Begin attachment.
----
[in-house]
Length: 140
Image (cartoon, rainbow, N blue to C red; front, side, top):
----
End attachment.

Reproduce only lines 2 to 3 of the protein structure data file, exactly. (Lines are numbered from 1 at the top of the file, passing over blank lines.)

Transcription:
Length: 140
Image (cartoon, rainbow, N blue to C red; front, side, top):